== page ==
Abstract Title

Session S-09A: Harmful Algal Blooms, Climate, Shellfish, and Public Health - Emerging Issues in a Changing World

Keywords

Harmful Algal Blooms and Shellfish

Start Date

2-5-2014 10:30 AM

End Date

2-5-2014 12:00 PM

Description

The Puget Sound Alexandrium Harmful Algal Bloom (PS-AHAB: www.tiny.cc/psahab) program, funded by NOAA/ECOHAB, seeks to understand environmental controls on the benthic (cyst) and planktonic life stages of the toxic dinoflagellate Alexandrium catenella, and disentangle the effects of climate pathways on the timing and location of blooms. Spatially detailed mapping of winter surface sediment cyst distributions in 2011, 2012, and 2013 found the highest cyst concentrations in Bellingham Bay in the north and Quartermaster Harbor in central Puget Sound. However, the viability of cysts at these seed bed areas is low – with fewer than 54% of cysts germinating when incubated at favorable temperatures. The time of year that cysts can germinate does not appear to be controlled by an endogenous clock, but the rate of germination is strongly determined by temperature. These results may complicate potential relationships between cyst abundances and bloom magnitude the following season. A monthly time series of cyst abundances was also collected at two locations in Quartermaster Harbor from 2012-2013 as part of a related Sea Grant project investigating the seasonal variability in cyst abundances. Cyst abundances varied by a factor of ~6 with the lowest cyst abundances occurring in the spring (Apr) and the highest cyst abundances occurring in late fall (Oct/Nov). This seasonal pattern is consistent with observed A. catenella bloom dynamics in Quartermaster Harbor. The improved understanding of the processes that govern cyst germination and bloom initiation provided by this study contribute towards the development of a predictive capacity for A. catenella blooms in Puget Sound. Details on A. catenella growth rates and toxicity and an analysis of potential bloom transport using a high-resolution hydrodynamic simulation of Puget Sound and adjacent coastal waters (MoSSea: http://faculty.washington.edu/pmacc/MoSSea/), as well as simulations of potential future climate impacts on blooms, will be discussed in separate presentations by B.D. Bill and S.K. Moore respectively, at this conference.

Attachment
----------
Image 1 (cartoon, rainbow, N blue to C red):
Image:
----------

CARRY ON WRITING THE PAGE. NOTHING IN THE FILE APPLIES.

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May 2nd, 10:30 AM May 2nd, 12:00 PM

Alexandrium cyst distribution and germination in Puget Sound

Room 615-616-617

The Puget Sound Alexandrium Harmful Algal Bloom (PS-AHAB: www.tiny.cc/psahab) program, funded by NOAA/ECOHAB, seeks to understand environmental controls on the benthic (cyst) and planktonic life stages of the toxic dinoflagellate Alexandrium catenella, and disentangle the effects of climate pathways on the timing and location of blooms. Spatially detailed mapping of winter surface sediment cyst distributions in 2011, 2012, and 2013 found the highest cyst concentrations in Bellingham Bay in the north and Quartermaster Harbor in central Puget Sound. However, the viability of cysts at these seed bed areas is low – with fewer than 54% of cysts germinating when incubated at favorable temperatures. The time of year that cysts can germinate does not appear to be controlled by an endogenous clock, but the rate of germination is strongly determined by temperature. These results may complicate potential relationships between cyst abundances and bloom magnitude the following season. A monthly time series of cyst abundances was also collected at two locations in Quartermaster Harbor from 2012-2013 as part of a related Sea Grant project investigating the seasonal variability in cyst abundances. Cyst abundances varied by a factor of ~6 with the lowest cyst abundances occurring in the spring (Apr) and the highest cyst abundances occurring in late fall (Oct/Nov). This seasonal pattern is consistent with observed A. catenella bloom dynamics in Quartermaster Harbor. The improved understanding of the processes that govern cyst germination and bloom initiation provided by this study contribute towards the development of a predictive capacity for A. catenella blooms in Puget Sound. Details on A. catenella growth rates and toxicity and an analysis of potential bloom transport using a high-resolution hydrodynamic simulation of Puget Sound and adjacent coastal waters (MoSSea: http://faculty.washington.edu/pmacc/MoSSea/), as well as simulations of potential future climate impacts on blooms, will be discussed in separate presentations by B.D. Bill and S.K. Moore respectively, at this conference.